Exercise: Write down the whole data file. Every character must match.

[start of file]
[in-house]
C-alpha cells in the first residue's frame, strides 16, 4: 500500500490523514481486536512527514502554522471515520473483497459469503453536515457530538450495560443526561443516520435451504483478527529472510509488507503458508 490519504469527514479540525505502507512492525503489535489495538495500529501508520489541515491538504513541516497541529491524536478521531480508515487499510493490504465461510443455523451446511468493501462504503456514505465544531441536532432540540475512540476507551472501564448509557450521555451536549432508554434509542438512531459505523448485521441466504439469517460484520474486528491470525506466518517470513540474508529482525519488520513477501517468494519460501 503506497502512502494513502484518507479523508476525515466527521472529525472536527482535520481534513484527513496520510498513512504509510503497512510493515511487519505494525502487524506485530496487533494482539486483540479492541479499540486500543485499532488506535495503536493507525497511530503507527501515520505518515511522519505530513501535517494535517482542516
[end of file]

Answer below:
[in-house]
C-alpha cells in the first residue's frame, strides 16, 4: 500500500490523514481486536512527514502554522471515520473483497459469503453536515457530538450495560443526561443516520435451504483478527529472510509488507503458508 490519504469527514479540525505502507512492525503489535489495538495500529501508520489541515491538504513541516497541529491524536478521531480508515487499510493490504465461510443455523451446511468493501462504503456514505465544531441536532432540540475512540476507551472501564448509557450521555451536549432508554434509542438512531459505523448485521441466504439469517460484520474486528491470525506466518517470513540474508529482525519488520513477501517468494519460501 503506497502512502494513502484518507479523508476525515466527521472529525472536527482535520481534513484527513496520510498513512504509510503497512510493515511487519505494525502487524506485530496487533494482539486483540479492541479499540486500543485499532488506535495503536493507525497511530503507527501515520505518515511522519505530513501535517494535517482542516